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3-9-17

Measuring tree diameter

After recording tree species, the next step is to measure the diameter of each tree. Diameter is the width of a circle or cylinder; in this case the stem of the tree. Tree stems have taper (they are slightly cone-shaped), such that they are wider at the base and narrower further up. Thus, diameter will vary based on how high up on the stem of the tree you measure it.

A standardized height for measuring tree diameter has been established. This is known as breast height, which is defined as 4.5 feet (54 inches) above the ground, on the uphill side of the tree.

Use a measuring tape to figure out how high up breast height is on you. Memorize this spot (e.g. the next to the top button on your shirt or coat so that as you stand next to a tree, you know where to measure diameter.

Using a diameter tape

We will talk about two ways to measure diameter at breast height (DBH). The most accurate way is to use a special measuring tape known as a diameter tape. A diameter tape is calibrated such that circumference measurements are automatically converted to diameter (i.e. the measurement units have been divided by the constant Pi so that you do not have to do the mathematical conversion from circumference to diameter). Thus while you are physically measuring the circumference of the tree, you are reading the measurement in diameter units. If you do not have a diameter tape, you can use a regular cloth measuring tape and divide your circumference measurement by Pi (3.14) to convert to diameter.

To measure DBH, wrap the diameter tape around the tree at breast height, making sure the tape is level and not twisted. Most diameter tapes will give you diameter to the nearest 1/10th inch. The diameter measurement is read where the tape overlaps with the zero marker (Figure 6-1). If the tree is large, it is helpful to work with a partner to wrap the tape around the tree. Many diameter tapes also have a nail or hook on the end that you can stick into the tree to hold the end of the tape in place while you wrap it around.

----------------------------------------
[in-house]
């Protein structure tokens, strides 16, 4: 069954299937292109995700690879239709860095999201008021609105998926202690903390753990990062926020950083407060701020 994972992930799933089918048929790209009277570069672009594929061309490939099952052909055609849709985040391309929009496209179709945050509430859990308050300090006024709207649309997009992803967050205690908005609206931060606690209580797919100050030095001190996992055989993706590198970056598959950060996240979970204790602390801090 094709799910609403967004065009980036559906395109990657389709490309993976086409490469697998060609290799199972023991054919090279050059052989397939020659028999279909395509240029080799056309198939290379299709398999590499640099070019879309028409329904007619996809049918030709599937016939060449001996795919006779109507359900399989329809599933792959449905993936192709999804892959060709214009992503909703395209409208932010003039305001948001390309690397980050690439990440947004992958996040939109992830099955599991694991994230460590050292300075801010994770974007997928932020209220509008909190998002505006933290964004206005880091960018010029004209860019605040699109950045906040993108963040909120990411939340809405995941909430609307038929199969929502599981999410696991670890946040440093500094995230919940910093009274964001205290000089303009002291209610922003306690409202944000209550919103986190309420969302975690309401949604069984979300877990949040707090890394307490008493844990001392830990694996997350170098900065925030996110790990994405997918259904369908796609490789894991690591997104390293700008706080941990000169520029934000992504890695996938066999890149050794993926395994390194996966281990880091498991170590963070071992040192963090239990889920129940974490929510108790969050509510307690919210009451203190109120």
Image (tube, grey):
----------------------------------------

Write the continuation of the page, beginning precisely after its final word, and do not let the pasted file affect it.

Using a clinometer

As with DBH, we will talk about two different ways to measure height. The first way is to use a tool called a clinometer. A clinometer is a vertical angle gauge that measures the slope from your eye to either the top or bottom of the tree. Looking with one eye into the hole of the clinometer, you will see a graduated scale showing the slope measurements. The scale will move up or down as the clinometer is tilted up or down. Different clinometers measure slopes in different units, so it is important to consult the instructions for your clinometer to confirm what units are being measured. Commonly clinometers list the slope in degrees on the left half of the scale and in percent on the right half of the scale. The steps described below correspond to percent slope measurements. By definition, percent slope is the distance up or down per 100 feet of horizontal distance. Thus a reading of 30% means a height or depression of 30 feet, when measured at 100 feet horizontal distance.

When measuring the height of a tree, you will need to move away from the tree to a place where you can see the top. While you can choose any distance at which you can see the top of the tree and the clinometer reading is not off the scale (usually 150%, though accuracy may deteriorate beyond 120% or so), because you are working in percent a distance of exactly 100 feet will greatly simplify the calculation to determine tree height. For trees that are tall enough such that 100 feet is not far enough back to accommodate the scale of the clinometer (or to see the top of the tree), you will have to move back further to obtain an accurate reading. For very short trees, you may only need to move back 50 or 75 feet.

Once you have measured the distance from the tree, you can use the clinometer to measure the slope between your eye and both the top and bottom of the tree (Figure 6-3). Looking into the clinometer with one eye (you cannot actually look through the clinometer) and sighting the top of the tree with your other eye, visually line up the horizontal marker in the clinometer with the top of the tree (Figure 6-4). It may take some practice to get your eyes to work together for this. Once the horizontal marker in the clinometer is lined up, read the corresponding value on the percent scale. Now repeat this procedure for the bottom of the tree.

Assuming the angle to the top of the tree reads a positive value, if the angle to the bottom of the tree reads a negative value, you add the bottom value to the top value to get the total percent slope. In the case where the angle to the bottom of the tree also reads a positive value, such as when you are standing downhill from the tree (Figure 6-5), you would instead subtract the bottom value from the top value to get the total percent slope.

1. What is diameter in reference to trees?

2. How high off the ground is "breast height?"

3.  How is the measurements on a diameter tape calibrated?

4.  What does DBH stand for?

5.  What is a clinometer?

6.  How do you look through a clinometer?

7.  Which side of the center line do you read the tree's height?

8.  List the steps of using a clinometer correctly?